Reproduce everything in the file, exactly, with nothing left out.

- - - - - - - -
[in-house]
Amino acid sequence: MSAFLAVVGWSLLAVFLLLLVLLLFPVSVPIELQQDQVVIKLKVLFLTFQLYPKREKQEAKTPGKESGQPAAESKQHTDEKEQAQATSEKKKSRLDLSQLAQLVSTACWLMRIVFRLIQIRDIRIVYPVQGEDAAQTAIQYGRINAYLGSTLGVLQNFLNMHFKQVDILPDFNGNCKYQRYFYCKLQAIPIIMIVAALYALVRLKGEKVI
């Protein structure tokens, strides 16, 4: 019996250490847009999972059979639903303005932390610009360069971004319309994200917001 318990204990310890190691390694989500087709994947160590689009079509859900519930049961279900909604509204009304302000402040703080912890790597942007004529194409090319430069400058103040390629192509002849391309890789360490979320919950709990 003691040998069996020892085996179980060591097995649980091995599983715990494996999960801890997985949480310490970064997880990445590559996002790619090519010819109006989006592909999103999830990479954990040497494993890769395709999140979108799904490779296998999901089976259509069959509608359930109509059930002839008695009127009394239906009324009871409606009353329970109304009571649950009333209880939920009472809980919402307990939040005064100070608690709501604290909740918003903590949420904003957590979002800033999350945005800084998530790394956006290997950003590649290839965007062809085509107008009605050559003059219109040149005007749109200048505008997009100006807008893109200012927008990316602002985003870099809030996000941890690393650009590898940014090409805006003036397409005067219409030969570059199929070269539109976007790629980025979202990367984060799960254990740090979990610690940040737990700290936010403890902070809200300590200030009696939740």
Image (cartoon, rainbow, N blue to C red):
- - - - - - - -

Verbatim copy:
[in-house]
Amino acid sequence: MSAFLAVVGWSLLAVFLLLLVLLLFPVSVPIELQQDQVVIKLKVLFLTFQLYPKREKQEAKTPGKESGQPAAESKQHTDEKEQAQATSEKKKSRLDLSQLAQLVSTACWLMRIVFRLIQIRDIRIVYPVQGEDAAQTAIQYGRINAYLGSTLGVLQNFLNMHFKQVDILPDFNGNCKYQRYFYCKLQAIPIIMIVAALYALVRLKGEKVI
């Protein structure tokens, strides 16, 4: 019996250490847009999972059979639903303005932390610009360069971004319309994200917001 318990204990310890190691390694989500087709994947160590689009079509859900519930049961279900909604509204009304302000402040703080912890790597942007004529194409090319430069400058103040390629192509002849391309890789360490979320919950709990 003691040998069996020892085996179980060591097995649980091995599983715990494996999960801890997985949480310490970064997880990445590559996002790619090519010819109006989006592909999103999830990479954990040497494993890769395709999140979108799904490779296998999901089976259509069959509608359930109509059930002839008695009127009394239906009324009871409606009353329970109304009571649950009333209880939920009472809980919402307990939040005064100070608690709501604290909740918003903590949420904003957590979002800033999350945005800084998530790394956006290997950003590649290839965007062809085509107008009605050559003059219109040149005007749109200048505008997009100006807008893109200012927008990316602002985003870099809030996000941890690393650009590898940014090409805006003036397409005067219409030969570059199929070269539109976007790629980025979202990367984060799960254990740090979990610690940040737990700290936010403890902070809200300590200030009696939740």
Image (cartoon, rainbow, N blue to C red):